5. Develop a process/procedure for addressing threats – Encourage internally that your cyber security team be aware of current security threats in order to evaluate a possible impact on your environment. Is there a threat on the Internet which could affect a system within your information technology environment? Do you have a way to quickly assess whether a threat should be acted upon or ignored, if you don’t run that application or operating system? Developing a process/procedure for addressing threats either manually or via an automated method can allow your cyber security team to be proactive in addressing potential issues.

  6. Establish a vulnerability management program – Vulnerability management programs enable organizations to identify potential security vulnerabilities, such as open ports or insecure configurations within your IT environment. Vulnerability testing/scanning should occur on a routine/scheduled basis and report on the exposure of your organization to internal and external sources. Having this information allows your cyber team to assess, investigate, and take action on any unknown vulnerabilities within your environment.

  7. Apply security patches in a timely manner - Ensuring that vendor security patches are applied in a timely manner can help safeguard against malicious attacks using known vulnerabilities. Microsoft released a security patch (MS17-010) in March for “supported” Windows operating system versions in response to the EternalBlue exploit that can be installed to protect systems. The security patch was also more recently made available for outdated and unsupported versions of Windows, including Windows XP and Server 2003. Enterprise Patch Management solutions allow organizations to manage and automate the patch management process. With these, you can receive notifications when new patches are available for operating systems and applications deployed within your environment; you can schedule deployment and track its progress.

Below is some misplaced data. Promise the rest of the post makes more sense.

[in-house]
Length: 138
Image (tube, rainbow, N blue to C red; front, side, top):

8. Implement effective data recovery capabilities – Ensure that an effective data backup and recovery process is in place. Sometimes the only way to recover data encrypted by a ransomware attack is to restore the last known good backup. Without adequate backups, data and information may be unrecoverable. 

  9. Have in place a fully tested response strategy – You need to be prepared to adequately identify a potential breach, then quickly coordinate resources and invoke the necessary processes to contain and mitigate effects of the breach. A great incident response program includes the following components:

    • Clearly defined roles and responsibilities within your team. Have all stakeholders been identified and trained on their responsibilities in the event of a cyber incident or breach?

    • Technology. What information security detection, alerting and mitigating technology solutions are in use?

    • Reporting. Has the organization identified all of its obligations related to reporting an incident? Legal? Regulatory? Contractual? To shareholders?

    • Communication strategy. Who should be informed of the incident? By what mechanism should this occur? When should the organization communicate and to what degree?

    • Attorney-client privilege. Have protocols been established to ensure that the organization’s privilege protections are in place and carefully managed? Has the organization determined whether in-house or outside counsel will direct any investigative steps?

    • Law enforcement. Have parameters been defined where law enforcement involvement may be required? If so, does the organization know whom to contact (which agency) and how?

    • Cyber insurance. Is cyber insurance in place? What is covered by the insurance policy in case of a cyber breach? At what point must notice be given to the underwriters and a claim be invoked?

    • Post breach. Does the organization have plans and strategies in place to recover from a breach and to minimize the potential damages?

Ransomware attacks are a global reality that is going to become an everyday possibility for all enterprises. In our most recent survey of over 1,000 business leaders in the U.S., we discovered that leaders in all industries are aware of the expansion of cyber threats and getting ready for this reality in a proactive and collaborative fashion. Your organization can join their ranks by developing, implementing, training on, and testing all the pieces of an incident or breach response plan, which will allow you to be prepared for a quick, efficient response when events like ‘WannaCry’ occur.

Learn More:

Vishal Chawla, Principal and National Managing Partner
+1 703 847 7580

Jeff Recor, Principal
+1 248 415 6024